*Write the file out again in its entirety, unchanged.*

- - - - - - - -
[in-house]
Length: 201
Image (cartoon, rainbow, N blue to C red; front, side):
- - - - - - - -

[in-house]
Length: 201
Image (cartoon, rainbow, N blue to C red; front, side):